Making Kolaczki

These cookie-like kolaczki — which in my understanding are a Polish version — are some of the easiest of the breed: essentially a cream cheese pie crust tube full of jam. Make yours by combining the butter and cream cheese in a large bowl or in the bowl of a mixer.

Beat on medium speed until they’re well combined and fluffy.

Add the flour and salt and stir everything together until a dough begins to form. Don’t stir much more than this lest you activate too much of the flour’s gluten.

Collect the dough into a ball, wrap it in plastic and refrigerate it for at least an hour, up to 3 days. When you’re ready to make the cookies, take the dough ball out of the fridge and let it warm up on the counter for about half an hour. This will soften it a bit. Remove it to a board that’s been liberally dusted with powdered sugar.

Press down hard on the dough to get it spreading…

…and roll it out into a large sheet. The thickness will depend on how big you want your kolaczki. For small kolaczki, roll the dough extremely thin, less than 1/8 inch. For larger ones, you can roll the dough a little thicker, about 1/8 inch. Why is the dough thickness important? Because a thick piece of dough folded into in a small shape will open up in the oven.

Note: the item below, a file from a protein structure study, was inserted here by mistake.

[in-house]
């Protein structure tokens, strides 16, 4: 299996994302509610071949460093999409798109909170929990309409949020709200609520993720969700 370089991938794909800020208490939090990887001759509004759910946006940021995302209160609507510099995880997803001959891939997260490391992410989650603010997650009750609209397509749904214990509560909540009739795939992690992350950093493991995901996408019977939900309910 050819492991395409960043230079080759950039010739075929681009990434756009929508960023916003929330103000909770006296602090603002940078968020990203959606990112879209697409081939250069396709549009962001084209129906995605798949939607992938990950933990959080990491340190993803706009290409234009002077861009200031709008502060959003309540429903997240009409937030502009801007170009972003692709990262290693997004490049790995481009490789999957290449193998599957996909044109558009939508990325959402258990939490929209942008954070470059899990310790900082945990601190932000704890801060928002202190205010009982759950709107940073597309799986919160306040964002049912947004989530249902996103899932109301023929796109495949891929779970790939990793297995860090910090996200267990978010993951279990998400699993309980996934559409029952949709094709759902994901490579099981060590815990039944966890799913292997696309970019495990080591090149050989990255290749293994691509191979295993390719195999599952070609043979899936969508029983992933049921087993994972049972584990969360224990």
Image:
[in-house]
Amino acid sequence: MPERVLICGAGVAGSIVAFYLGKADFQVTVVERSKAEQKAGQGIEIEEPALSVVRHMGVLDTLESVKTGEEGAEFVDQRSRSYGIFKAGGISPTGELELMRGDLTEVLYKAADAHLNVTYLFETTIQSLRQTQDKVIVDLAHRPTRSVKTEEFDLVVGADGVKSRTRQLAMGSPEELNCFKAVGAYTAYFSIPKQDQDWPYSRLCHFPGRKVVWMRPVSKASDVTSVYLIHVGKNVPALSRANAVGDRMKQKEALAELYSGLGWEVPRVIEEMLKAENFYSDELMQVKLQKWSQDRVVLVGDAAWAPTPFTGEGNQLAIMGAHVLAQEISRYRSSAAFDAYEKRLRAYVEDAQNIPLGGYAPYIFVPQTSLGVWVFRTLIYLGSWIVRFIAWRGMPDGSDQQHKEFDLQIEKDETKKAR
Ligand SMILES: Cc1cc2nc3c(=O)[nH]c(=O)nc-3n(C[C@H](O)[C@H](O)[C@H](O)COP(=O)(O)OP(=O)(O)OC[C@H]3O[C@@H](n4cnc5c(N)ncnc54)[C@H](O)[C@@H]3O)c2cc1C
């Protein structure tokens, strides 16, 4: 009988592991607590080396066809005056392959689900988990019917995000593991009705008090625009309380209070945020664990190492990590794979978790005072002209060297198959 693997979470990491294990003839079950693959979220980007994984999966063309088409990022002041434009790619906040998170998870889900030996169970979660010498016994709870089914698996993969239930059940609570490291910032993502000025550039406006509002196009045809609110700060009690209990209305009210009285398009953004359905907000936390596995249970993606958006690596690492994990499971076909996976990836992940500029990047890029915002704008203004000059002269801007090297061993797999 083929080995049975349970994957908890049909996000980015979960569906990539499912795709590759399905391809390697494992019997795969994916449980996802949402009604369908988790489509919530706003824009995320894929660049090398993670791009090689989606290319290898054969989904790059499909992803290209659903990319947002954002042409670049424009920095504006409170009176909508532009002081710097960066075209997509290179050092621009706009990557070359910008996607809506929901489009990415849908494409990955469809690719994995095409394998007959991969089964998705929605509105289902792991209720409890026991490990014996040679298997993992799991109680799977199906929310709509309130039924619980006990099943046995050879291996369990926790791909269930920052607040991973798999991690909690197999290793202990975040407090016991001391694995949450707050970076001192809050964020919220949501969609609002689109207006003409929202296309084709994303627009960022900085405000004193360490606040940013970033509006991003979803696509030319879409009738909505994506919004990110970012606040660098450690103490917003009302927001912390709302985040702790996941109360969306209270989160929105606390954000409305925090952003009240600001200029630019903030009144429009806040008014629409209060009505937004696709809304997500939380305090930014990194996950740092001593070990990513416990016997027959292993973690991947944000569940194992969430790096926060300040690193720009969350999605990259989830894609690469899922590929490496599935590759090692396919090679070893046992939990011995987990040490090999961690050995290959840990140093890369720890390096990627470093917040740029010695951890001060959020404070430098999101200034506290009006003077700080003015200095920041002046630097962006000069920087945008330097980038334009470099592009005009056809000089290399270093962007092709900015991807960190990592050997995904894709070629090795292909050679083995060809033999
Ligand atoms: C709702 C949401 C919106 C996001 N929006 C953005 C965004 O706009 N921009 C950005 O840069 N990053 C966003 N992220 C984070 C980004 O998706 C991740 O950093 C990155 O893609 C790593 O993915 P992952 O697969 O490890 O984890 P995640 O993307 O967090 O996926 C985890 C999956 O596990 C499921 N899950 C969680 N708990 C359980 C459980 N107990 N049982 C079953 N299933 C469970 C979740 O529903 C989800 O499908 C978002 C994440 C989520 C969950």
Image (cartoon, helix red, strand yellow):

Once the dough is rolled, cut it with a pizza cutter into squares between 2 and 3 inches across. If they’re not perfect that’s OK. A gang of Polish bakers isn’t going to storm your house and check. I don’t think.

Cut’em the other way…and you have your squares. Re-roll your scraps into the next sheet.

And shape. For a typical kolaczki, you want less than a teaspoon of filling. This is too much. For best results, use several different of fillings. Today I’m making apricot, raspberry (untraditional) and fig (eve less traditional).

Now fold in one side…

…then the other. You can stretch the corner and tuck it under for extra insurance against opening, but as I said, dough thickness is they key. This dough is actually a bit thick for the size.